The NAPF is a member of the ISC, encompassing the Association of British Insurers, the Investment Management Association and the Association of Investment Trust Companies. The policies the ISC lays down are not designed to force investors to micro-manage the affairs of the investee companies, but rather “relate to procedures designed to ensure that shareholders derive value from their investments by dealing effectively with concerns over under-performance”.
Other than complying with the principles, pension trustees are also responsible for ensuring that their fund managers have an explicit strategy, clarifying if and when they would intervene in a company, the approach they would use and how they measure their own performance. In addition, trustees should make available these assessments to the scheme membership, and should post on a fund website the key information they provide annually to fund members.
Mind the gap
Most initiatives involve breaking down one of the main obstacles to progress cited by pension trustees: the informational gap between investors and those companies they invest in.
Just Pensions, a programme of the UK Social Investment Forum, provides SRI toolkits for trustees, and engages with stakeholders on SRI best practice. UKSIF told Briefing it supports the recent Treasury report and the proposal to amend Myners’ sixth principle on activism. UKSIF is involved in the government’s consultation process, which ends on March 16.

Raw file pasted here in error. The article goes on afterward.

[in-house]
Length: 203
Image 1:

Elsewhere, the NAPF runs a Trustee Development programme, which provides training in a range of areas including accountability. And in January, the body launched a new guide, Voting made simple, explaining how trustees can exercise their rights, as beneficial owners, to vote at company meetings. Geoff Lindey, the NAPF’s adviser on corporate governance, says the new guide “spells out to pension funds the simple and elegant solution to the problem of getting investment managers to vote on their behalf without getting drowned in data”.
Show me the SRI money
Apart from striving to engage companies on their financial performance, governance and remuneration issues, sceptics argue that pension trustees and their investment managers are just not interested in SRI per se. A Department of Work and Pensions survey between July and September 2003 found that only one in five of occupational pension schemes, but two in five of very large schemes, had an explicit policy of their own on SRI. And over a half accepted the policies of their investment managers.
Furthermore, a report by the World Economic Forum and AccountAbility concluded that institutional investors poorly represented the real owners of capital – pensions and savings policy owners – through their unwillingness to consider material social and environmental factors in investment decisions. Reforms should be aimed at the availability of information, competencies of participants and, most of all, institutionalised incentives, it said.
Efforts to encourage institutional investors to take a more activist approach are certainly commendable. Nonetheless, given evidence of the lack of progress (and maybe lack of will), one might be forgiven for feeling both policymakers and industry have not been bold enough. Perhaps when institutions begin to see the clear financial benefits of bringing about improvements in activism and management of SEE issues we may start to see wholesale reform.
Corporate Citizenship Briefing, issue no: 80 – March, 2005